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Rous River
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The mouth of the Rous River, located in New South Wales
Other name(s) North Arm Tweed River
Country Australia
State New South Wales
Region NSW North Coast (IBRA), Northern Rivers
LGA Tweed
City Murwillumbah
Physical characteristics
Main source Mount Hobwee, McPherson Range
near Numinbah
217 m (712 ft)
River mouth confluence with the Tweed River
0 m (0 ft)
28°16′26″S 153°27′32″E / 28.27389°S 153.45889°E / -28.27389; 153.45889
Length 44 km (27 mi)
Basin features
River system Tweed River catchment
  • Left:
    Crystal Creek (Rous), Nobbys Creek
  • Right:
    Hopkins Creek, Jacksons Creek (New South Wales)
Nature reserve Limpinwood Nature Reserve

Rous River, a perennial river of the Tweed River catchment, is located in the Northern Rivers region of New South Wales, Australia.

Course and features

Rous River rises below Mount Hobwee on the southern slopes of the McPherson Range, near Numinbah on the New South Wales-Queensland border, and flows generally east by south, and then east, joined by four minor tributaries, before reaching its confluence with the Tweed River at Tumbulgum, northeast of Murwillumbah. The river descends 217 metres (712 ft) over its 44-kilometre (27 mi) course.

In its upper reaches, Rous River is fed by a minor tributary, Hopkins Creek, on the southern slopes of the McPherson Range, south of Mount Merino; and downriver of Numinbah near the small villages of Chillingham, Jacksons Creek enters the river. In its lower reaches, Rous River is fed by two minor tributaries, Nobbys Creek and Crystal Creek that emerge from the Numinbah Nature Reserve, south of Springbrook.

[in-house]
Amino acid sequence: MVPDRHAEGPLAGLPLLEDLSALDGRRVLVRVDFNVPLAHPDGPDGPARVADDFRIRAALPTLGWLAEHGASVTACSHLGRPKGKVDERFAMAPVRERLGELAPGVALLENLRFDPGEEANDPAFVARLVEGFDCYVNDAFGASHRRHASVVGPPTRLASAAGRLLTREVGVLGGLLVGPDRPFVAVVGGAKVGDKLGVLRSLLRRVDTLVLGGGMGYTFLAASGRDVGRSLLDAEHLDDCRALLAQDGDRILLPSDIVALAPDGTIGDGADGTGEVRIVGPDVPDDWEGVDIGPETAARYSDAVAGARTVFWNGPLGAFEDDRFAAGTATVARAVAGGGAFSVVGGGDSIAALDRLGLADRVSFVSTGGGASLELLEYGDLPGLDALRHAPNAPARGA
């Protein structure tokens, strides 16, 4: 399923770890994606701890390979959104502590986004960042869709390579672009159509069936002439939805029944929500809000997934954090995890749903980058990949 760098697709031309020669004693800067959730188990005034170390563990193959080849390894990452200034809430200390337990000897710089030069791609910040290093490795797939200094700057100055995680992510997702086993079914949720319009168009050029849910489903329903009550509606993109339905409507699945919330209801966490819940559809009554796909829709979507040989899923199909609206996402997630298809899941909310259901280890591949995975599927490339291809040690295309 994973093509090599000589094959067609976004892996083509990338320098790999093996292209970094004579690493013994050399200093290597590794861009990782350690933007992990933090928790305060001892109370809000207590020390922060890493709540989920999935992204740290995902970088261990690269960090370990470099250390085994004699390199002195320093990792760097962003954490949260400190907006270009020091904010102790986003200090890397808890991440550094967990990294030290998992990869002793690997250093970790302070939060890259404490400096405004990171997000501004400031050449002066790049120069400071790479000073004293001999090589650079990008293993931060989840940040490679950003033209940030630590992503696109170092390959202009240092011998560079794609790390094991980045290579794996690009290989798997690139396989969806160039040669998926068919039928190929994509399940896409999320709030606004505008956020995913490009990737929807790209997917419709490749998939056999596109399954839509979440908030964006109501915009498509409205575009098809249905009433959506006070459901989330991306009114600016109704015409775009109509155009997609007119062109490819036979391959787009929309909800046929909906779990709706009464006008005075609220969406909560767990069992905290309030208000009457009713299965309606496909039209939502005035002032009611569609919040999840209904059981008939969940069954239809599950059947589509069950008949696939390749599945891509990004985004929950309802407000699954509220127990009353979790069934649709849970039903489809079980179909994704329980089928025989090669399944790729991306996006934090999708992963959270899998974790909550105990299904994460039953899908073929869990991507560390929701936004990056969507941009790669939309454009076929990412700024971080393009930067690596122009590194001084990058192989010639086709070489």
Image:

Adjustments to the natural flow of the river

In January 2006, partially treated sewerage entered the river from emergency tanks and ponds after storage at the Murwillumbah treatment plant, which had been off-line due to damage, was filled beyond capacity. Biological testing indicated the river water was hazardous which led to a temporary swimming ban.

In 2007, the federal government proposed damming the Rous River, Oxley River and Byrrill Creek. Local opposition to the plan was formed via the Save the Caldera Rivers Campaign, in an effort to stop the proposed dams from being built.

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